Kasper Kjaer is the winner of the inaugural LCLS Young Investigator Award given by the Users Executive Committee of the Linac Coherent Light Source (LCLS). The prize recognizes scientists in the early stages of their career for exceptional research performed with the LCLS X-ray free-electron laser at the Department of Energy’s SLAC National Accelerator Laboratory.
“With this award, we’re supporting the new ideas, new insights and new talent at our young facility,” said Mike Dunne, the director of LCLS.
Kjaer is a postdoctoral research fellow at Lund University in Sweden and at the Stanford PULSE Institute, a joint research center of Stanford University and SLAC.
He began conducting research at LCLS in 2011, and since then, Kjaer has participated in or led more than 25 experiments at the X-ray laser. His work focuses on ultrafast X-ray techniques that capture the structure and dynamics of molecules.
“We were very impressed with the large group of extremely talented and well-qualified young scientists competing for the LCLS Young Investigator Award, but Kasper stood out. He was nominated multiple times by the users’ community, and he has a most impressive list of publications as lead author. He got the clear top vote from the UEC,” said Christoph Bostedt, vice chair of the LCLS Users’ Executive Committee.
“It is great to see that so many young and aspiring scientists are active at LCLS, who can so greatly benefit from the facility and flourish in the new and exciting area of ultrafast X-ray sciences,” Bostedt added.
A Gifted Experimentalist
Kjaer became interested in X-ray science as a graduate student working with a team at the Center for Molecular Movies in Denmark that was preparing for the advent of X-ray free-electron lasers (XFELs). The team’s goal was to identify the scientific questions and develop the experimental tools that would benefit the most from the orders of magnitude improvements in intensity and time resolution provided by XFEL radiation.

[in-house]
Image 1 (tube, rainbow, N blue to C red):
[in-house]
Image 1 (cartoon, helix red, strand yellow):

“Not only have I worked with LCLS since it came online, but I was part of a group that was actively preparing for its arrival,” Kjaer said. “It’s been really fun to see how the facility has grown over the years.”
He earned his PhD in physics at the University of Copenhagen in Denmark. As a student and a postdoctoral researcher, he has published nearly 30 scientific papers in the field of ultrafast X-ray science.
Kjaer’s doctoral supervisor, Martin Meedom Nielsen, wrote in his nomination letter, “Over the last five years, Dr. Kjaer has become one of the most gifted XFEL experimentalists I know of, playing a crucial role as decision-maker during the extremely precious, and often hectic, 12-hour shifts.”
In his recommendation letter, Kelly Gaffney, Kjaer’s PULSE Institute advisor, wrote, “Kasper stands out for his highly impressive combination of technical excellence, scientific curiosity, aptitude for managing collaborations, and commitment.”
Watching Molecules in Motion
Kjaer’s research focuses on the dynamics of molecules, figuring out how light drives changes in their electronic states, and how this drives structural transformations in the molecules and their surrounding environment. In particular, he has specialized in experiments on molecular complexes relevant to solar energy applications and memory devices. And he’s spent the early years of his career tracking chemistry in real time, developing capabilities of X-ray lasers that capture the structure and changes of molecules.
“The free-electron laser is the best tool in the world to watch molecules performing an act. Whenever we do an experiment, we know that we are going to see something that no one has seen before,” Kjaer said. “And we keep finding new things. It’s really exciting, and that’s why I love doing what I do.”
Over the years, he’s helped develop experiments that pair two techniques - X-ray scattering and X-ray emission spectroscopy - in a way that allows researchers to simultaneously see the details of electronic states and molecular structure. This is now a standard method in the field of ultrafast X-ray science.
Kjaer looks forward to leading research that takes advantage of the upgrade path for the LCLS facility. LCLS-II, which is currently under construction, will increase the average power of the X-ray beam by a factor of 10,000. Subsequent plans seek to extend this capability to higher energy X-rays to provide atomic-scale structure.
“For the types of phenomena I’m studying, we really need higher energy X-rays that will give even better structural resolution,” Kjaer said. “We’ll be able to see these molecular changes, or dynamics, more clearly at the ultrafast timescale.”
The LCLS Users’ Executive Committee will present the honor to Kjaer at the 2017 LCLS/SSRL Annual Users' Meeting at SLAC. He will also give a plenary talk at the meeting titled “Mapping molecular excited state electronic and structural dynamics with the LCLS” on Thursday, Sept. 28. The talk will be broadcasted on the meeting’s livestream.
LCLS is a DOE Office of Science User Facility.
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SLAC is a multi-program laboratory exploring frontier questions in photon science, astrophysics, particle physics and accelerator research. Located in Menlo Park, Calif., SLAC is operated by Stanford University for the U.S. Department of Energy's Office of Science.
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